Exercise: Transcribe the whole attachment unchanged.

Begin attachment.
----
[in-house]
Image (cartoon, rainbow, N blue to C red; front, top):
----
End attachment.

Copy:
[in-house]
Image (cartoon, rainbow, N blue to C red; front, top):